Nov 22, 2021
Brazilian gas-to-wire operator Eneva and local energy investment company Servtec Investimentos e Participacoes signed a cooperation agreement to study construction of an LNG terminal at Sao Luis in Maranhao state in the latest in a series of such projects in the works in Latin America’s largest economy, the companies said.
“The final investment decision on the terminal will be made after concluding the evaluations and obtaining the required licenses and authorizations to implement the project,” Eneva said in a statement Nov. 20.
The cooperation agreement expands the growing list of potential LNG projects under construction or being evaluated by oil and natural gas producers, power companies, investors and other players as Brazil implements more liberal regulations after the New Gas Market regime was signed into law earlier in 2021. The regulatory regime aims to increase domestic gas supplies, reduce prices and boost consumption ahead of a surge in offshore gas production from subsalt fields.
Brazil expects natural gas production to more than double to 260 million cu m/d by 2030, Mines and Energy Minister Bento Albuquerque said Nov. 18.
LNG imports will help Brazil meet domestic gas demand in the near term, with the number of terminals in operation in Brazil expected to rise to eight over the next few years from five currently. Brazil expects LNG imports to increase over the next two to three years amid rising demand but that Latin America’s largest economy will eventually turn into an LNG exporter in the next five to eight years, according to the minister.
Eneva is emerging as a potential key player in the sector after establishing itself as Brazil’s first gas-to-wire operator. The company is developing 10 onshore gas fields in the Parnaiba Basin, using the output from five fields already in production to generate 2.2 GW of electricity at gas-fired thermal power plants installed nearly at the wellhead. Power generation is expected to rise to 2.8 GW by end-2024, according to Eneva.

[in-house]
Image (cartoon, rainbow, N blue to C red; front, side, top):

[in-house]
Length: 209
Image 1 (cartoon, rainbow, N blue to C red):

The Gaviao Real, Gaviao Vermelho, Gaviao Branco, Gaviao Caboclo and Gaviao Azul fields produce about 8.4 million cu m/d, according to Eneva. The company is also developing the Gaviao Preto, Gaviao Branco Norte, Gaviao Tesoura, Gaviao Carijo and Gaviao Belo fields.
Eneva also plans to repeat its gas-to-wire playbook in the Amazonas Basin. Eneva started production from the Azulao Field in September, producing about 9 million cu m/d, the company said. Eneva paid $54.5 million for Azulao in a 2017 deal with state-led producer Petrobras. The gas will fire a 117 MW power plant as well as be liquefied for transport via truck to Roraima state.
Under terms of the deal with Servtec, Eneva will have exclusive rights to the project until Dec. 30, 2022, which will then be followed by a right-of-first refusal to the project until Dec. 30, 2023, Eneva said. Should the deal advance, the two companies will form a joint venture company to develop the project, with Eneva retaining 51% and Servtec 49%.
The cooperation agreement also followed a similar model to a previous deal Eneva signed with Grupo Vale Azul Participacoes and Terminal Portuario de Macae, or Tepor, in September. Under that deal, Eneva agreed to evaluate its participation in GVA’s plan to expand logistics and infrastructure at the Macae port in Rio de Janeiro state. GVA has already received initial environmental and construction licenses for the project.
GVA plans to expand bulk liquid and oil handling facilities at the port, which acts as an offshore hub for oil companies operating in the Campos and Santos basins. The terminal project includes an LNG terminal capable of handling 21 million cu m/d.